In recent years, however, there have been relatively few governors to emerge as top contenders for the Democratic presidential nomination.

Former Vermont Gov. Howard Dean was the last Democratic governor to have a real presidential primary moment.

In 2004, Dean came out of nowhere to electrify the liberal base before falling short to the eventual nominee, former Sen. John KerryJohn KerryParis Agreement: Biden's chance to restore international standing Kerry promises Europeans Biden will seek to make up time on climate action OVERNIGHT ENERGY: Biden recommits US to Paris climate accord | Biden nixes Keystone XL permit, halts Arctic refuge leasing | Interior secretary rescinds wilderness protection order before leaving office MORE (Mass.).

In an interview with The Hill, Dean argued governors can make good presidents. But they don’t necessarily make great candidates, he added.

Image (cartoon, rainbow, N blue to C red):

“I’d love to argue that pragmatism and being in charge of something makes you a better candidate,” Dean told The Hill. “It might make you a better president, but it doesn’t necessarily make you a better candidate.”

Democrats interviewed by The Hill pointed to several reasons why the governors in 2019 have flopped so far.

The massive field of contenders competing for money and air time is a barrier to any candidate seeking to break through. That’s been a real problem for the three governors, who come from relatively small states and did not enter the race with big national profiles or donor bases.

“The governors just haven’t gotten as much attention because in this environment, the media flows from the national level to the local level, so people already in Washington have a built-in advantage,” said David Turner, the communications director for the Democratic Governors Association (DGA). “But as a party, we’re also just too focused on federal politics. We have to reengage at the state level because that’s where all the progress is being made.”

Some Democrats say the mood of the primary electorate cuts against the core argument that most governors make — that they’re pragmatic and can get things done by reaching across the aisle.